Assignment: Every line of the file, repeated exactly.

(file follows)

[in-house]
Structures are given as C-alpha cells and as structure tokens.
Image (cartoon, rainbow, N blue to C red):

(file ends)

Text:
[in-house]
Structures are given as C-alpha cells and as structure tokens.
Image (cartoon, rainbow, N blue to C red):